Roguish, witty and self-centered, we didn’t know what to make of Han Solo in that cantina. How Han’s introduction created the legend and the legacy that followed.
It’s fun to imagine 1977. At least, in terms of Star Wars. A time with no comics or merchandising tie-ins, no Youtubers justifying or demystifying the films. There wasn’t an appendage to the title that read: Episode IV: A New Hope. And, there certainly were no guys like me trying to pump every last drop of magic from the wand.
In other words, it was a time before The Star Wars Industrial Complex was fully entrenched.
Back then it was a simpler time – just Star Wars.
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Imagine the wonder of watching the scroll with John William’s score blasting you into space. Imagine seeing the gold-plated C3PO running away, his arms waving madly like a dainty princess, with his tin-can sidekick booping its way to the escape pods as an ominous shadow appears from gray smoke dressed like a cyberpunk samurai.
The film took us to new places with sounds and sights never before seen. Yet, it wasn’t until we entered Mos Eisly Cantina that we were truly far, far away, as old Ben explains “You will never find a more wretched hive of scum and villainy,” to our pristine, unknowing hero in Luke Skywalker.
The foreign music, aliens smoking hookahs, glowing eyes from the darkness and then the irony of all those strange beings staring at the droids in contempt. Violence is the customary currency in a place like this, lose an arm and you better be able to pull credits from your pocket with the other one if you want to drink here.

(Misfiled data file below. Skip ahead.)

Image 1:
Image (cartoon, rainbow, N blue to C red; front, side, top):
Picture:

It’s there in the background, we meet Han Solo for the first time, dressed like a space sheriff who kept the boots and the vest but threw away the star. Handsome and roguish, his holster dangling just waiting for his gun to be slung, which was the perfect contrast to our shining white hero in Luke. His demeanor reflected a weary world traveler, a man who’s seen it all but, somehow, has a little charisma left in those old bones, as opposed to Luke who still looked at the world with wonderlust in his eyes and a naivete sense of duty.
It’s here Han starts his journey as the accidental hero. The greatest thing in meeting Han is that, if you’re watching the movies for the first time or don’t know the story, Han sets himself as the ultimate materialist – money moves the needle, even if that money is just to buy him a life line from Jabba The Hutt. It’s one of the reasons I had been against a Solo movie, not because it wouldn’t be good, but because not knowing his makeup made the leap from reprehensible scoundrel to ending the film with Han flashing a toothy grin and shiny medal more satisfying to his arc.
And as long as we’re looking at Han’s first scene, before George Lucas’ manic overmeddling, shooting Greedo (Han shot first people – end of story) enforces the characters sense of self, first and foremost. Han isn’t going to leave his life to chance in a fair fight, drawing his pistol beneath the table and flipping the coin to the innkeeper as quickly as he shot – without hesitation.
Watching Harrison Ford negotiate with old Ben, sarcastically quipping to Luke, “Who’s gonna fly it, kid, you?” and it’s hard to imagine Lucas’ had beer goggles for Kurt Russell or Christopher Walken, at the time. But Ford’s career exploded the same way Han Solo’s coolest guy in the galaxy swagger did, by just moving forward.
In meeting Han, did we have any idea he would be so vital to the Star Wars legacy? Now, there’s no doubt but the odds at the time, well, we know – Han Solo never gave a damn about the odds.